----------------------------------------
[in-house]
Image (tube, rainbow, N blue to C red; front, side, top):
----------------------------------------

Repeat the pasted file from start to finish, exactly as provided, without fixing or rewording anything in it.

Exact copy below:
[in-house]
Image (tube, rainbow, N blue to C red; front, side, top):